The Year the Arctic Shifted South
(Originally published on Washington Post's Capital Weather Gang blog)
Last week, Chicagoans were treated to one of that city's worst blizzards of all time. Featuring several rounds of thundersnow — a relatively rare phenomena that has been in abundant supply this winter, making appearances in D.C., New York, Boston, and now Chicago
— winds gusting to between 50 and 70 miles per hour, and upwards of 20 inches of snowfall, the storm paralyzed one of the most battle tested cities for dealing with wintry onslaughts.
The eerie sight of hundreds of stranded and abandoned cars along Lakeshore Drive, a scene straight out of the global warming disaster movie "The Day After Tomorrow," must've made New York City mayor Michael Bloomberg, whose administration was roundly criticized for botching cleanup efforts after the "Boxing Day Blizzard" in December, feel satisfied that it's not just the Big Apple that can be snarled by a snowstorm.
Arctic sea ice extent for 2010-2011, compared to the 1979-2000 average as well as the 2006-2007 winter season. This data shows the record low sea ice extent for the month of January. Credit: NSIDC.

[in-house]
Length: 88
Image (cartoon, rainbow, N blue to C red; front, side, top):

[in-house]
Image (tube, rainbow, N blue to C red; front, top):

True, the massive storm system that brought snow, strong winds, and icy conditions to areas from New Mexico to Maine, largely spared the D.C. area from its most significant impacts, disappointing snow lovers
— as have other major storms this year (well, except for that one...)
However, between this blizzard, and the parade of east coast snowstorms that have dropped so much snow on the northeast that local news coverage in southern New England of late has been dominated by reports of roof collapses, this is certainly shaping up to be a winter to remember.
Yet for a key region of the globe, it's actually proving to be a remarkably warm winter so far, which, believe it or not, may help explain why it's been so cold and snowy in the U.S.
Read more at Washington Post's Capital Weather Gang blog.